A truck offloaded about 15,000 cans onto Martin Place this morning in a dramatic demonstration of the need for refunds on bottles and cans.
That's how many drink containers Australians throw away each minute - with 12 billion drink bottles and cans consumed a year, and only half recycled.
The event was organised by the Boomerang Alliance of environment groups, with support from the City of Sydney, the Local Government Association and Clean Up Australia, as part of a growing push for a national container deposit scheme.
Sydney Lord Mayor Clover Moore, who attended the event, said governments need to act now to make a reduce waste and protect wildlife and the environment from plastic pollution.
"South Australia's scheme has achieved recycling rates of up to 90 per cent, way ahead of NSW," the Lord Mayor said.
"People know container deposit schemes work - it's time our state and federal governments took action."
State and federal governments meeting at the Council of Australian Governments (COAG) are considering options for a national container deposit scheme and will release a shortlist later this year.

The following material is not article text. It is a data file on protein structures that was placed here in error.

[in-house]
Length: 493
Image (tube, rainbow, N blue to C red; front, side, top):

The City made a submission to COAG last year calling for a national beverage container deposit scheme.
Australians use 12 billion drink bottles and cans each year and only half are recycled.
In NSW, only about 42 per cent of bottles and cans are recycled, half the rate in South Australia. Broken glass bottles cause 40,000 injuries in Australia annually, with 5,000 needing medical treatment.
A container deposit scheme could save NSW councils between $23 million and $62 million in recycling costs, according to a study last year by the NSW Local Government and Shires Association (now Local Government NSW).
The Boomerang Alliance includes 26 state and national environment groups and promotes a zero waste society. The alliance is proposing community events in Sydney, Wollongong, Moss Vale, Goulburn and Canberra to raise public awareness of the need for container deposit legislation.
For interviews with Lord Mayor Clover Moore, contact Matt Levinson 0427 044 768 or firstname.lastname@example.org